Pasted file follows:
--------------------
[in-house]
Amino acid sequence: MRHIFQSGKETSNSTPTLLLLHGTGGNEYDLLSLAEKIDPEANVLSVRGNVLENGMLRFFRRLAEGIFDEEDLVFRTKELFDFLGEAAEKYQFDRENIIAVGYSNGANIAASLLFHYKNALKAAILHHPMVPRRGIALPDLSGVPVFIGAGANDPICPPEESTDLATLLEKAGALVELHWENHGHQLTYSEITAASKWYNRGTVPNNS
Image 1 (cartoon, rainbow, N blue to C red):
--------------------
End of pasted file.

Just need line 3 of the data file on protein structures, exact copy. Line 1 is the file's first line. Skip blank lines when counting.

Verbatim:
Image 1 (cartoon, rainbow, N blue to C red):